Doyle Bronson, the most prominent legend in the world of poker, passed away on May 14 at the age of 89. [Image: Flickr.com / World Poker Tour]
Unparalleled in poker history
Doyle Brunson, the first poker player everyone put on a Mount Rushmore game, passed away Sunday, May 14 at the age of 89. The “Godfather of Poker” was one of the pioneers of poker, helping to bring the game out of miserable Texas back into the rooms and light as a legitimate form of entertainment.
His son, fellow Booker Hall of Famer Todd Brunson, confirmed the news Sunday night:
He played “Texas Dolly” in his first World Series of Poker in 1970, eventually winning 10 gold bracelets in his career, two of them for the main event. Only Phil Hellmuth, at 16, has more bracelets. A fixture at top cash games in Las Vegas for half a century, even in his 80s, Bronson was both intimidating and soft-spoken at the same time. for him super / system It is perhaps the most important poker book ever written.
His first WSOP, his last bracelet
But you can read about Doyle Brunson’s poker achievements anywhere. I want to take a moment to talk about what he meant to me early in my poker career. After getting my MBA in 2004, I ended up with a consulting job with a bad company. I quit after a few months and was fortunate enough to join an online poker affiliate to help launch their own poker news site.
Learn to swim by jumping into the pool
Within just two months of starting, I traveled to Las Vegas to cover the World Series of Poker. I had watched poker on TV and played pickup games online, but other than that, knew very little about the poker industry or its community. But there I was in Rio, media armband around my neck, learning to swim by jumping in the pool.
But I knew who Doyle Bronson was. Wandering around the tables, taking pictures and taking notes, I took every opportunity I could to linger beside his tables and those of other famous professionals, as if I could soak up knowledge just by sharing the same atmosphere.
I spent a lot of my time in the stands at the final tables so that I could report on it once it was over. So there I was in late June, sitting there with my notebook and the fancy new camera my boss had bought me once we realized my little point-and-shoot wasn’t cutting it, watching Doyle Bronson compete for the final table in the $5,000 Short Handed competition. No Limit Hold’em event. Going into the 2005 WSOP, he is tied with Johnny Chan for the all-time lead in bracelets with nine, but Chan scored his 10th in that series to advance.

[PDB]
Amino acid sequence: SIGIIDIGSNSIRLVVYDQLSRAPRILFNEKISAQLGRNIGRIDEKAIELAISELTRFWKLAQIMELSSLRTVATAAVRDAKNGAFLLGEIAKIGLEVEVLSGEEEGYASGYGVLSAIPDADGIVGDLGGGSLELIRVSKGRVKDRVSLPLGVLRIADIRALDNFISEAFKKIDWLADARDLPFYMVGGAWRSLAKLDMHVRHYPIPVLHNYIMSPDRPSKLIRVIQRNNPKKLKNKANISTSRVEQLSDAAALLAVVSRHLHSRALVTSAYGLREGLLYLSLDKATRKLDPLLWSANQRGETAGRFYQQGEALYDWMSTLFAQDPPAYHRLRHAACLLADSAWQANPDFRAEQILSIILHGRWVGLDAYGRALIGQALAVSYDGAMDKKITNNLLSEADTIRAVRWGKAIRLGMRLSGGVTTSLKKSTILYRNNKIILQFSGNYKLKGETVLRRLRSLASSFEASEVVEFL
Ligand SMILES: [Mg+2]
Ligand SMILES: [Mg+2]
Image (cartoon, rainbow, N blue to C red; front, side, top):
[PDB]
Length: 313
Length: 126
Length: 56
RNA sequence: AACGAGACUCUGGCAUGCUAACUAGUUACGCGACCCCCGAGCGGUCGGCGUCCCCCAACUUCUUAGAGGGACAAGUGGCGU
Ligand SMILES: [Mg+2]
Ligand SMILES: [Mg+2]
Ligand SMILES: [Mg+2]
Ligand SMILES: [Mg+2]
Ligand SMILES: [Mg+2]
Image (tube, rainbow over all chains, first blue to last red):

Although there were powerhouses like Jason Lester, Minh Li, Scotty Nguyen, and Lien Flack on the table, everyone, myself included, was on Doyle’s side. And he sure beat Ly’s competition to win his tenth and final WSOP bracelet. Even though I was new to the world of poker, I felt the importance of the moment. Using my super-duper camera, I snapped as many pictures as I could of Bronson as he held the bracelet in triumph, hoping I’d get something suitable for my article.
Doyle Bronson gave me confidence
That summer, I also began writing for the Canadian poker player The Journal, along with my media outlet, agreed to share the photos I took with the Journal. To my great delight, an article I wrote for the WSOP was the cover story and even more so, one of my pictures of Doyle Bronson made the cover. In the grand scheme of my career and the industry, it didn’t matter—the article wasn’t very good, no one knew I took the photo, and if they did, they wouldn’t care—but it was a proud moment for me, one that made me feel like I belonged.
The following year, Brunson was signing autographs one day at the Doyle’s Room, the room near the main poker room at the WSOP where fans could sign up for his online poker room and get some gifts. In fact, I had the aforementioned issue of the magazine with me in Las Vegas, so being a non-professional “journalist,” I decided to stand in line and sign it.
Getting Doyle Bronson approved as a 30 year old still freshman poker writer means everything to me.
When I handed the magazine to Doyle, I told him I had taken the cover photo. He stopped, examined it, and said in a soft Texas accent, “That’s really good. Did you take this?” Then proceeded to take a moment to turn the pages, nodding approvingly. He even had me speak briefly with his publicist, who took my information. He didn’t come. Something of that, but getting Doyle Bronson’s endorsement as a poker writer still a 30-year-old rookie means everything to me.To have a legend like him I know I exist, even for a minute, made my summer.
Doyle Bronson meant a lot of things to a lot of people. For me, in those early days of my poker industry career, he was the one who told me I belonged.